The Fight for Equal Rights Black Soldiers in the Civil War


Fight for Equal Rights Black Soldiers in the Civil War

Black soldiers were among the bravest of
those fighting in the Civil War. Both free Blacks in the Union army and
escaped slaves from the South rushed to fight for their freedom and they
fought with distinction in many major Civil War battles. Many whites thought

Blacks could not be soldiers. They were slaves. They were inferior. Many
thought that if Blacks could fight in the war it would make them equal
to whites and prove the theory of slavery was wrong. Even though Black
soldiers had to face much discrimination during the Civil War, they were
willing to fight to the death for their freedom.

Both free Blacks and slaves wanted to fight
in the Civil War and volunteered from the start. The free Blacks wanted
to prove their equality and help the slaves win their freedom. There was
much opposition from whites, because many thought that the Blacks were
biologically inferior and could not be trusted with weapons. They thought
arming them would cause the slaves to rebel, and because the war was supposed
to be very short it would not be necessary. Also, a federal law dating
back to 1792 stated Blacks could not fight in the United States Army. Abolitionists,
those in the north who fought for Black rights, argued that Blacks had
fought in the Revolutionary War and the War of 1812. They had greatly strengthened
those armies, so they should be able to fight in the Civil War as well.

Abolitionists also thought it would teach the Blacks responsibility and
self-reliance which they would need after the war.

On July 17, 1862 Congress passed two acts
allowing enlistment of Blacks in the Army, but they were ignored. The War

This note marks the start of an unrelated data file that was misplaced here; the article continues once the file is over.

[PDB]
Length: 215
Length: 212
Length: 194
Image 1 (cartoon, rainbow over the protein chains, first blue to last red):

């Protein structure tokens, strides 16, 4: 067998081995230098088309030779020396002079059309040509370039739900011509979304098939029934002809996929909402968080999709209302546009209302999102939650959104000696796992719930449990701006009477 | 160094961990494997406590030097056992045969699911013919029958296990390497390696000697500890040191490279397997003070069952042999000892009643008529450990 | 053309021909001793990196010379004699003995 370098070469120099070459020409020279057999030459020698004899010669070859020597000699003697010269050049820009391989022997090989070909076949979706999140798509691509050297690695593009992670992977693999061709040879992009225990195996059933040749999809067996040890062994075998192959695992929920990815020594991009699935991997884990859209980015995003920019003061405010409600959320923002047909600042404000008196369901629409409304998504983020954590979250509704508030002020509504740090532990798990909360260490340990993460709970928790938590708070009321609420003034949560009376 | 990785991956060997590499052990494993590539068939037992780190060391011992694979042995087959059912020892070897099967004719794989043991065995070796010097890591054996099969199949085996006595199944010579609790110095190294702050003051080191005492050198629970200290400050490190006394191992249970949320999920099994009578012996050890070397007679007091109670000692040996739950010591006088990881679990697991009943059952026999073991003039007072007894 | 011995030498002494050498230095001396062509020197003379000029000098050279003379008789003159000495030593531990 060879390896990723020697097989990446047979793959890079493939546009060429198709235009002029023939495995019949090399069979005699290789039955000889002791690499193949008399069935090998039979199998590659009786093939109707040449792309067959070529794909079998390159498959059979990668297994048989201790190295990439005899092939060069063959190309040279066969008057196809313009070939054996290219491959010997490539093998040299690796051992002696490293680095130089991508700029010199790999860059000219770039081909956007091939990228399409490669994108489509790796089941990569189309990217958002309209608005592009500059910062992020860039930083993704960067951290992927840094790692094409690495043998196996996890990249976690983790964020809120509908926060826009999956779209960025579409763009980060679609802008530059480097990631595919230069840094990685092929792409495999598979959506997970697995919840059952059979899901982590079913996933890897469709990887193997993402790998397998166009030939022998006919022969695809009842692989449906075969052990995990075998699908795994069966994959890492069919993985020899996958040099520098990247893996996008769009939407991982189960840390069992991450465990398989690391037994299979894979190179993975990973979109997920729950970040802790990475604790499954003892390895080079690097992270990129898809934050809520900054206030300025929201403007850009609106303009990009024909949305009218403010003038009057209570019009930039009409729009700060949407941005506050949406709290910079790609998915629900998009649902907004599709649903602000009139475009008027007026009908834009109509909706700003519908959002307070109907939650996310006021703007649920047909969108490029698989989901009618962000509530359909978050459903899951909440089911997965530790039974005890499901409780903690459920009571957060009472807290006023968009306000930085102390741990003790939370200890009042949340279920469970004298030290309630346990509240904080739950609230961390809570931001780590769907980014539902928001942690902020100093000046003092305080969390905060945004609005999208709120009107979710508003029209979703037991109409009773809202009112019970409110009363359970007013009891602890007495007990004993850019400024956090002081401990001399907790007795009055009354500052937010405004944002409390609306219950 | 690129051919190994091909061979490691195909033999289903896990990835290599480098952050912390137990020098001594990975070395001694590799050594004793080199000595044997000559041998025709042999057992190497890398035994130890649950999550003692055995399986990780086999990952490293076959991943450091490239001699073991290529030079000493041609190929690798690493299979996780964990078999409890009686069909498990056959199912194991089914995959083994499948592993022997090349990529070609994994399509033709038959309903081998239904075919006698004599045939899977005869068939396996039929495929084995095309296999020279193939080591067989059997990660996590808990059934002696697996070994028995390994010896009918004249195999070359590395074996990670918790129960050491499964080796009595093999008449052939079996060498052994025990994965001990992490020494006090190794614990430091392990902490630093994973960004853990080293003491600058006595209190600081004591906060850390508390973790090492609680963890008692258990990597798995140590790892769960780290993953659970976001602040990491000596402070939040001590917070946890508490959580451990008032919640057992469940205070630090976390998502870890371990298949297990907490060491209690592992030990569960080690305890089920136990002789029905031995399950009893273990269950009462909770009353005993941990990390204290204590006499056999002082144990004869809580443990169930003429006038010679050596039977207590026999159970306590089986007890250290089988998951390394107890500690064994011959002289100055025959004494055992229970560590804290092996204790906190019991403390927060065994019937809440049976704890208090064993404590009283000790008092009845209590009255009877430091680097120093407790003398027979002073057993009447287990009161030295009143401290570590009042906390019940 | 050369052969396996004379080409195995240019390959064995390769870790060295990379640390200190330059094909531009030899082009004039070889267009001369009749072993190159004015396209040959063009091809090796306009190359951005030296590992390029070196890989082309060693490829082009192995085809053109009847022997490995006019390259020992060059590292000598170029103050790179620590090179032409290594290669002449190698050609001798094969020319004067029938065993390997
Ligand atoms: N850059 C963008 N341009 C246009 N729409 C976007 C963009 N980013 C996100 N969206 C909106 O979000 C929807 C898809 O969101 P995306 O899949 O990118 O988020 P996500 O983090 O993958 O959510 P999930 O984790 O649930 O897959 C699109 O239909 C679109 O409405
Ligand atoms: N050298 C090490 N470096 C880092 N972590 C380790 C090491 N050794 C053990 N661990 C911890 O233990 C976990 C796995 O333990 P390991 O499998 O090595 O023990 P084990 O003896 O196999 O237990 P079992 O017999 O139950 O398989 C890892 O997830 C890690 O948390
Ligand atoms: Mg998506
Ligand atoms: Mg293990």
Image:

Department still turned Blacks away when they tried to sign up to fight.

Then in September of 1862, Abraham Lincoln passed the Emancipation Proclamation
which declared, "slaves within any State, or designated part of a State
... then ... in rebellion ... shall be then, thenceforth and free forever" (Knight,

Carson, 1997, 1). This law liberated about 3,120,000 Blacks. After this
law Blacks were finally able to enlist in Union armies.

When Blacks began to fight many whites
realized that it was for the better. Recruitment of whites had become difficult
and after Blacks were allowed to enlist not as many white men would have
to enlist. Soon, private agents, the federal government, and northern states
had to compete for Black recruits. The government sent General Lorenzo

Thomas to the Mississippi Valley to organize Black troops and in less than
three months he raised more than twenty regiments of Black soldiers.

Blacks took part in 499 military engagements,
thirty-nine of which were major battles. In each one of those battles they
served with great distinction and proved they could serve their country
well. Seventeen Blacks were awarded the Medal of Honor, a prestigious award.

One of the most well known battles fought by Black soldiers was at Fort

Wagner in South Carolina on July 18, 1863. The Massachusetts 54th Regiment,
commanded by abolitionist Robert Gould Shaw, was ambushed by Confederate
forces while trying to attack the strong Confederate fortress on Morris

Island. The Massachusetts 54th fought gallantly but the Union forces fell
back with heavy casualties, and 1,515 men were killed, wounded, or missing.

The Battle of Port Hudson, the last remaining

Confederate fort on the lower part of the Mississippi River was another
such battle. On May 27, 1863 Confederate forces had twenty siege guns and
thirty pieces of artillery, a major threat to the Union warships. Five

Black Louisiana regiments assaulted Port Hudson and were met with a rain
of bullets. The Black troops kept fighting until almost all of them were
dead. The losses were severe. The Union lost the battle but no one questioned
the bravery of the Black troops. Because of this, Union Army Blacks fought
with a greater sense of purpose and a better morale.

Though Black soldiers in the Army fought
as bravely as the white soldiers, they were often discriminated against.

Their enlistment period was longer, they were given old weapons, their
pay was lower, and they had little chance of promotion. Many didn\'t survive
because of the poor medical care they were given. If Blacks were wounded
they were carried off the battlefield as an afterthought, and if they did
arrive at a hospital alive they would receive slow and inadequate care.

Also, if captured by Confederate troops, a Black soldier would be immediately
executed or sold into slavery.

While the Army did not allow